Excess body fat lessens the metabolic response to cold exposure
Creators:Woods, Kaitlin M.
Advisor:Devor, Steven T.
Keywords:cold air exposure
MetadataShow full item record
Publisher:The Ohio State University
Series/Report no.:The Ohio State University. School of Physical Activity and Education Services Honors Theses; 2009
Extensive research has been conducted to study the effects of body fat on physiological responses under various environmental conditions. Experiments involving extreme situations, such as cold water immersion and cold air exposure wearing minimal clothing, are in greater abundance than those replicating more common human cold interactions. The purpose of this study was to measure the influence of percent body fat (%BF) on oxygen consumption [VO2 (mL•kg-1•min-1 )] and mean blood pressure [MAP (mmHg)] at rest and during exercise in an environment simulating cold winter conditions. Subjects included 30 healthy, male volunteers, age 19-42 years who were not regularly active prior to the experiment. Testing was completed in an environmental chamber set to a temperature of 5°C with 30%-50% humidity. Subjects were asked to wear a t-shirt, winter coat, winter gloves, and exercise pants. Oxygen consumption and blood pressure were measured inside the environmental chamber while subjects were seated quietly for five minutes and during a 5-minute, low-intensity exercise period. Results showed %BF was negatively correlated with VO2 at rest (r = -.552, p < 0.01) and during exercise (r = -.503, p < 0.01) and positively correlated with MAP (r = .402, p < 0.05) in the cold. This supports the notion that body fat attenuates the muscle activation caused by shivering, which is responsible for increased oxygen consumption. It also provides evidence for blood pressure elevations associated with excess body fat. The findings suggest that during typical outdoor winter exposure, those with higher %BF are less likely to exhibit the shivering response at a level of those with lower %BF. Advisor: Steven T. Devor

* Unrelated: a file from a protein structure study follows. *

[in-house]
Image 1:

Items in Knowledge Bank are protected by copyright, with all rights reserved, unless otherwise indicated.